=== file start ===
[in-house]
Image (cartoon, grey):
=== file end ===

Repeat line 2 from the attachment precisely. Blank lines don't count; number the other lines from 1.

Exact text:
Image (cartoon, grey):